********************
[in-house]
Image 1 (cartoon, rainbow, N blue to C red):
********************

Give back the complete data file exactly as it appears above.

[in-house]
Image 1 (cartoon, rainbow, N blue to C red):